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  • Banana boat (ship)

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    United Fruit Company's Veragua as USS Merak (AF-21) SS Abangarez, a United Fruit banana boat, circa 1945Banana boat was a term, a descriptive nickname, given to fast ships also called banana carriers engaged in the banana trade designed to transport easily spoiled bananas rapidly from tropical growing areas to northern markets that often carried passengers as well as fruit. During the first half of the twentieth century, the refrigerated ships, such as and , engaged in the Central America to United States trade also operated as luxurious passenger vessels. Surplus naval vessels were converted in some cases in the search for speed with Standard Fruit converting four U.S. Navy destroyer hulls, without machinery, to the banana carriers Masaya, Matagalpa, Tabasco and Teapa in 1932. Transfers to naval service served as transports and particularly chilled stores ships such as , the United Fruit passenger and banana carrier Quirigua, and the lead ship of a group that were known as the Mizar class of stores ships. Modern banana boats tend to be reefer ships or other refrigerated ships that carry cooled bananas on one leg of a voyage, then general cargo on the return leg.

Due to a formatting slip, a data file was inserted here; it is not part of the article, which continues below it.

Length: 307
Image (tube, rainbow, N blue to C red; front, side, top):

• McKenzie River dory

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    A McKenzie River dory, or drift boat, on the Boxcar Rapids of the Deschutes River near Maupin, Oregon Drift boat launch on the Beaverhead river, Twin Bridges, Montana The McKenzie River dory, or drift boat, is an adaptation of the open-water dory converted for use in rivers. A variant of the boat's hull is called a modified McKenzie dory or Rogue River dory. The McKenzie designs are characterized by a wide, flat bottom, flared sides, a narrow, flat bow, and a pointed stern. The sole identifying characteristic of the McKenzie River dory is a continuous rocker (the arc from bow to stern along the bottom of the boat). It is this constant rocker that allows the boat to spin about its center for ease in maneuvering in rapids. McKenzie River dories are specialized to run rapids on rivers, and first appeared on the McKenzie River in Oregon in the mid-20th century. A prolific McKenzie River dory boat builder in the 1940s and 1950s was Wood "Woodie" Knoble Hindman. Woodie had learned to build these steep rocker boats from master boat builder Torkel "Tom" Kaarhus.

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